Nearly 300-year-old Shakespeare set and a book signed by Swift

Rare books, manuscripts, maps and art in Fonsie Mealy auction in Dublin

 

The first printing of Shakespeare’s collected works outside England took place in Dublin in 1726. Now, 290 years, later a set of all eight volumes is to go under the hammer in Fonsie Mealy Auctioneers sale of Rare Books, Literature, Manuscripts, Maps and Works of Art at The Gresham Hotel in O’Connell Street on Tuesday (December 13th). Lot 675, The Works of Shakespeare in Eight Volumes, described as “of legendary rarity” is estimated at €7,000-€10,000 and is, say the auctioneers, the “first such compete set to appear at auction in 100 years”.

Over 800 lots will go under the hammer and the auction begins at 10.15am. Viewing takes place at the Gresham Hotel tomorrow, Sunday December 11th, from 1pm to 6pm and on Monday (December 12th) from 10.30am to 6pm.

Even pricier than the Bard, Lot 686 is “an original signed volume from Dean Swift’s Library” – De Jure Belli ac Pacis (a 17th century Latin tract “On The Law of War and Peace” by Dutch jurist Hugo Grotius) – and signed by “Jon. Swift” (Jonathan Swift) which is catalogued as “excessively rare” as “books from Swift’s library are recorded by only a handful of copies” which explains the estimate of €10,000-€15,000.

Illustrations

Among other highlights is a copy of Cresswell’s sketches, featuring spectacular 19th century colour illustrations of the discovery of the Northwest Passage – the sea route linking the Atlantic and Pacific oceans through the Arctic Region. Capt Samuel Gurney Cresswell was a Royal Navy Officer and artist who was on board the famous expedition by the ship HMS Investigator, captained by Irish man Robert McClure, which discovered the Northwest Passage in 1850.

During the voyage, Cresswell painted several watercolours of the area and Lot 673, A Series of Eight Sketches in Colour, together with a Chart of the Route of the Voyage of HMS Investigator during the Discovery of the North West Passage is estimated at €15,000-€20,000.

Also lavishly illustrated, but much more affordable, is Lot 69: Picturesque Representations of The Dress and Manners of the Chinese by William Alexander, published over 200 years ago in 1814 containing 50 hand-coloured plates (€600-€800). Lot 244, In Fairyland, A Series of Pictures from the Elf World with coloured illustrations by Richard Doyle is a classic Victorian picture book, dating from 1870, that might be a suitable Christmas present (and long-term investment) for a child (€320-€420).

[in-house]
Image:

Closer to home, Lot 462, is an 18th century estate map showing the property – 7,200 acres – owned by the Anglo-Irish aristocrat Sir John Coghill in “Yorkshire, Kilkenny, Cavan, Meath & Dublin” in 1791 estimated at €10,000-€15,000.

Other important maps in the auction include Lot 461, “extremely Rare Maps of 18th Century Dublin Streets” including from “Nov. ye 9th, 1751” A Survey of the Present Streets Immediately leading to His Majesty’s Royal Pallace or Castle of Dublin estimated at €3,000-€4,000.

Photographs

Among a selection of photographs is Lot 753, an album of “some of the earliest Irish photographs” taken in 1855 by Sir Jocelyn Coghill, the first secretary of the Dublin Photographic Society. The album contains about 140 images in various sizes, mostly portraits including of Sir Jocelyn himself and his wife Katharine, but also some landscapes including Drogheda harbour with sail-boats, the Boyne Viaduct under construction, “the bridge at Finglas before the city swallowed it”, “the Rock of Cashel with the original village at its foot”, Killiney with the obelisk, the Meeting of the Waters, Sackville Street with the pillar and GPO, and the villages of Swords and “Chapel Izod”.

Auctioneer George F Mealy said this is “a wonderful album by one of the earliest pioneers from the very beginning of photography in Ireland”. It is estimated at €6,000-€8,000.

There is a whole section in the auction devoted to Edith Somerville (1858-1949) the Anglo-Irish writer and artist who is best remembered for the books she co-wrote with her cousin “Martin Ross” (actually Violet Martin) under the name Somerville and Ross (including The Experiences of an Irish RM). Among the best of these is Lot 765, a watercolour titled Paddy, dated 1903, featured on the catalogue cover, which depicts her nephew “Patrick Coghill, seated on a stool holding pencil and copybook, under the watchful eye of his pet Yorkshire terrier” estimated at €2,500-€3,500.

For the online catalogue and bidding details see fonsiemealy.ie

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